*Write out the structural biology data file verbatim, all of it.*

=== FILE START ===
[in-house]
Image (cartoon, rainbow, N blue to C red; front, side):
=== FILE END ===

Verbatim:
[in-house]
Image (cartoon, rainbow, N blue to C red; front, side):